Practitioners Say ‘Windsor’ Ruling Could Present Tax Planning Challenges

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The outcome of the same-sex marriage estate tax case United States v. Windsor in the U.S. Supreme Court will present challenges to estate and tax practitioners if Section 3 of the Defense of Marriage Act is ruled unconstitutional (United States v. Windsor, U.S., No. 12-307, oral argument scheduled 3/27/13).
Oral argument in the case is scheduled for March 27, and the court's decision could affect federal rights for same-sex couples in connection with tax and estate planning issues.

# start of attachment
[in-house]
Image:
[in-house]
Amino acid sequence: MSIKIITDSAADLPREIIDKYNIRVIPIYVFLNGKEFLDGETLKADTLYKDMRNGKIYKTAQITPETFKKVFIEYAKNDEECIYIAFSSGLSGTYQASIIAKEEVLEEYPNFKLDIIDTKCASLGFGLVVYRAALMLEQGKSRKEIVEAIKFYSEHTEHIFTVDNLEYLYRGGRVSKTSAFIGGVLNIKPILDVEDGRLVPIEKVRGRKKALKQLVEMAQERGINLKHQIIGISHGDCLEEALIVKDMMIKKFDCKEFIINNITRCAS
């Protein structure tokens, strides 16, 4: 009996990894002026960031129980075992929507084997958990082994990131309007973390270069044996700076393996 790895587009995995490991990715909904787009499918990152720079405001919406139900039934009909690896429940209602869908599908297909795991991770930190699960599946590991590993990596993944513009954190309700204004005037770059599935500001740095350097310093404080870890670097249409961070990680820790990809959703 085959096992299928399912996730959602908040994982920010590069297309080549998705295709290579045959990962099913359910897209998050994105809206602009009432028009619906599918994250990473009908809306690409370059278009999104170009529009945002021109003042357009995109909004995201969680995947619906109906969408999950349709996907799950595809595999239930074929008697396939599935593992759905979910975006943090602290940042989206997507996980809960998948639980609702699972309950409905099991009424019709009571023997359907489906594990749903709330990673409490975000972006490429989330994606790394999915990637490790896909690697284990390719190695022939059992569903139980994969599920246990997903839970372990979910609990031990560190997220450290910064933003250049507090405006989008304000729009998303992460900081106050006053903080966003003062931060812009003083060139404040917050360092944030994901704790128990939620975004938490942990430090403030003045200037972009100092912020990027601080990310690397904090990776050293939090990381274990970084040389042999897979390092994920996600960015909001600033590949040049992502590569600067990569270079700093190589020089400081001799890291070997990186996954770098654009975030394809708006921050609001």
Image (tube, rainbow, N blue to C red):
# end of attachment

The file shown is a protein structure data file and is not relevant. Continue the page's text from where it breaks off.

In June 2012, the U.S. District Court for the Southern District of New York granted summary judgment to Edith Windsor and held that the $363,053 she was required to pay as executor of the estate of her wife, Thea Spyer, was improperly assessed because of the definition of marriage in the Internal Revenue Code required under DOMA (Windsor v. United States, 833 F. Supp. 2d 394 (S.D.N.Y. 2012); 110 DTR K-1, 6/8/12).
 

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